(a) Underreamed piles
For the given underreamed pile selected by the user, the lateral load capacity is directly
readoff from the values given in Table 1 of IS: 2911 (Part III)1980 and compared with the
lateral load apportioned to each pile. If required the underreamed pile parameters are revised to
ensure safety. The flow chart for the lateral load analysis of underreamed piles is given in Fig.
5.14. The detailed procedure for lateral load analysis of a bored castinsitu pile has been
explained in Chapter 4 and the flow chart for the same is shown in Fig. 5.15.
5.2.5.4 DESIGN OF PILE CAP
As shown in the flow chart of Fig. 5.16 the plan dimensions of the pile cap are computed
according to the arrangement and layout of piles in the group. Thereafter, the user will be asked
to enter the overall depth of the pile cap. Subsequently, the effective depth of pile cap is
69 Page
calculated. Later, the moment in the pile cap is calculated considering the critical section to be
located at the face of pier. For calculated moments, the area of steel required in pile cap is
calculated. Then, the user will be asked to select the diameter of bars to be used in pile cap and
enter the desired spacing between the reinforcement. For the selected bar diameter and spacing,
area of steel to be provided in the pile cap is calculated. Further, the pile cap is checked for one
way shear and twoway shear. If it fails, effective depth of pile cap will be increased.
70 Page
Figure 5.15 Lateral load capacity of Bored Castinsitu pile
I Page
a8edIZL
73IPage
CHAPTER 6
RESULTS AND DISCUSSION
6.1 INTRODUCTION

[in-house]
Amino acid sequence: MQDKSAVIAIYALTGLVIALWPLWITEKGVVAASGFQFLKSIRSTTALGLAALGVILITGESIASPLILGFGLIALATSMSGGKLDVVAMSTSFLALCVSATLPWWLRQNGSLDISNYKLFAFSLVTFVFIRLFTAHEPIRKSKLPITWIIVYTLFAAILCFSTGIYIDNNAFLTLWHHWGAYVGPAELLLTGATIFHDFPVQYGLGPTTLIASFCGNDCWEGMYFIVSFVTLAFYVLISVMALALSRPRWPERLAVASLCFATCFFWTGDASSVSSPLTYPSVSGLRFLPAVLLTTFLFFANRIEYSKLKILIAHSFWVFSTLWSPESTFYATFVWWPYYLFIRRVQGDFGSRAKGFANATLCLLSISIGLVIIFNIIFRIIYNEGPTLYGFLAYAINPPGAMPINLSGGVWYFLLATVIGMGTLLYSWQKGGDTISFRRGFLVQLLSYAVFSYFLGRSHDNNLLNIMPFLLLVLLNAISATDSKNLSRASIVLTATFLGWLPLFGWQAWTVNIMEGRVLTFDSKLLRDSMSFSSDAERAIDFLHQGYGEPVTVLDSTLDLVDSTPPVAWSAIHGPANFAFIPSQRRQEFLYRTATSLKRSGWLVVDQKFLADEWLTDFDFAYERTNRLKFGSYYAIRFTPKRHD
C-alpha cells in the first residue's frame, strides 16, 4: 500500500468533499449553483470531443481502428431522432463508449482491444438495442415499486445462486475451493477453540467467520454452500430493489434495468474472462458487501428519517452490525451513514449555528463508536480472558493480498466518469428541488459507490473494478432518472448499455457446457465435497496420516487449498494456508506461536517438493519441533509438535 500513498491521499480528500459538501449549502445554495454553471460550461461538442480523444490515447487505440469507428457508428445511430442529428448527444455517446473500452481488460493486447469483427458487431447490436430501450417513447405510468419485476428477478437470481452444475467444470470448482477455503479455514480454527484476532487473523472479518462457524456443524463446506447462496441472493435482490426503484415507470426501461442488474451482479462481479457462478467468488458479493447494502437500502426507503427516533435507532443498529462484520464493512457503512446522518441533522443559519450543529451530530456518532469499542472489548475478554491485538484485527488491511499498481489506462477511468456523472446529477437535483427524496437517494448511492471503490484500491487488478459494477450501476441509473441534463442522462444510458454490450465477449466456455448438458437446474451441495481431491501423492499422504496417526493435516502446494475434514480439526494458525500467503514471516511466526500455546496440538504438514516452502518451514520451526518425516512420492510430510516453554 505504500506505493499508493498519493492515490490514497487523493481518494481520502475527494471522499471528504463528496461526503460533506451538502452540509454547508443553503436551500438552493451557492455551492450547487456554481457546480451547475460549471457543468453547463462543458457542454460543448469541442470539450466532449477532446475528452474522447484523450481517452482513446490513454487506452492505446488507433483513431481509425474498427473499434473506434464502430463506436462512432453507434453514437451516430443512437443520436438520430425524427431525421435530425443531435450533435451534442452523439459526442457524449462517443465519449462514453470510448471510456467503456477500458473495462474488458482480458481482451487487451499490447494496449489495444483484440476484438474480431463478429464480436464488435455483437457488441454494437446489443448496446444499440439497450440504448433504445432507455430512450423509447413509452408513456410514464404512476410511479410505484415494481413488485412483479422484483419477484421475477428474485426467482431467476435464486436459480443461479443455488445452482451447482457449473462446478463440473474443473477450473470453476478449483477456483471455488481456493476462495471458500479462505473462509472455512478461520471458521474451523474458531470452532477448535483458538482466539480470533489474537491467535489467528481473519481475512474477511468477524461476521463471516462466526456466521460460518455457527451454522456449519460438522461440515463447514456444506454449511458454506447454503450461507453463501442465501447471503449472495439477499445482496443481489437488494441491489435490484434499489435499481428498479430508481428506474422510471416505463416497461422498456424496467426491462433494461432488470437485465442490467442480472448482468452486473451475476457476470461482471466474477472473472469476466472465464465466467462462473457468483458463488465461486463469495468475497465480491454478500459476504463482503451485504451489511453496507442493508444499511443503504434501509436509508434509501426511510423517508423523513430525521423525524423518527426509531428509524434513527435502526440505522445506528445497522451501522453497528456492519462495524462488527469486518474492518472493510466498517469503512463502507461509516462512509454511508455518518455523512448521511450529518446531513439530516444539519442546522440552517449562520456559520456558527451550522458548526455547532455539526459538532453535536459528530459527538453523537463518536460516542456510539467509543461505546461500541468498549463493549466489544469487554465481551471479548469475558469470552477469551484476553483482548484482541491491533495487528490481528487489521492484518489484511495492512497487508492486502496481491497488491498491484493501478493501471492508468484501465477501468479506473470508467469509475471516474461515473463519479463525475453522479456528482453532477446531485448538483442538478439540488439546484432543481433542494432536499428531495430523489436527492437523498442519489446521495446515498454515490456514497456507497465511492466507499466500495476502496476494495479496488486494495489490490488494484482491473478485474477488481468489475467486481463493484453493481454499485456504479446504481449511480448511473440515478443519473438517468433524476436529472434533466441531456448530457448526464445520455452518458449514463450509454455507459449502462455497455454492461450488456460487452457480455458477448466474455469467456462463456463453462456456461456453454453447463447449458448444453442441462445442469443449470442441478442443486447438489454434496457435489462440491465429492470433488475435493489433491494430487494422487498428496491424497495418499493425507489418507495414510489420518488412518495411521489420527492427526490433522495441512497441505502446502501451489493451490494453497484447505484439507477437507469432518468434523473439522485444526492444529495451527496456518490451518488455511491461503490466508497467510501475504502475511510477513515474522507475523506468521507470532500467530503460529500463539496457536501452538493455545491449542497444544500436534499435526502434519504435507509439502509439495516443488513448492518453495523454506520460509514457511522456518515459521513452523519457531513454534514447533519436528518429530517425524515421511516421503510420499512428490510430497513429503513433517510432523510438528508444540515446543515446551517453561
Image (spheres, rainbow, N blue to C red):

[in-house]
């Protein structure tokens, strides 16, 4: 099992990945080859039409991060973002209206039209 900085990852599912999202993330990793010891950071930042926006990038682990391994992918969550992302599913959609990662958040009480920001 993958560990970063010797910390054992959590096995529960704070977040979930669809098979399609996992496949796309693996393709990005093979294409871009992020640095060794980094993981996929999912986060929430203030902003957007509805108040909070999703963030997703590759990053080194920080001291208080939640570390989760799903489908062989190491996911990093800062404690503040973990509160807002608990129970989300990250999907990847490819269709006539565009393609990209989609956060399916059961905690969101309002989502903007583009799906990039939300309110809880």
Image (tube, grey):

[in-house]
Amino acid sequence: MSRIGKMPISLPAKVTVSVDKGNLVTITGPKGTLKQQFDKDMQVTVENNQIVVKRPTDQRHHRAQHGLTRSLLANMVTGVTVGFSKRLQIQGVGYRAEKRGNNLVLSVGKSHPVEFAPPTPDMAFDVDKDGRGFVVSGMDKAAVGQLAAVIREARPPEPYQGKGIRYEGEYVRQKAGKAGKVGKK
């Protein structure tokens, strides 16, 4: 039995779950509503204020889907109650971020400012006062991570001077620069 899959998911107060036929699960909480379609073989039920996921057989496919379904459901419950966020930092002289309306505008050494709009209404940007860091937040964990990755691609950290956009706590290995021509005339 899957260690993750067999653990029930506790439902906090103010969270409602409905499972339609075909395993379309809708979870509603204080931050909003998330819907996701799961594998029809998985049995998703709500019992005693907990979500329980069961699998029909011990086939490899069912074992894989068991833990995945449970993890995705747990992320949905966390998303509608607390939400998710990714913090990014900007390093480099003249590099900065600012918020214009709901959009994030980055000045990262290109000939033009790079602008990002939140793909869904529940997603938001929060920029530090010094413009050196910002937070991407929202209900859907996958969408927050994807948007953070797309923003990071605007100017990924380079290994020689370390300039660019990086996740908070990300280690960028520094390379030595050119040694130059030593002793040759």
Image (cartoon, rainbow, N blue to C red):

The features & the functioning of various modules of the software developed for analysis
and design of bridge substructure has been discussed in the previous chapter. To illustrate the
practical application of the software, analysis and design of the well foundation and pile
foundation is performed for the assumed parameters. The long hand calculation's of the problem
will be done, which are compared with the results of software, to verify the output of the
software developed in the thesis work.
6.2 PROBLEM ON WELL FOUNDATION
The analysis of the well foundation and design of various components of well are being
performed. The details required for the analysis and design of well foundation are given below:
DETAILS REGARDING BRIDGE SUPERSTRUCTURE
➢ Dead load on each span: 1500 kN
➢ Depth of simply supported girder: 2 m
➢ Span of simply supported girder: 16 m
> Type of Carriage way: Two lane carriage way
> Clear carriage way width: 7.5 m
> Area of bridge superstructure: 70 m2
> Type of live load acting on bridge: Class A loading
BEARING DETAILS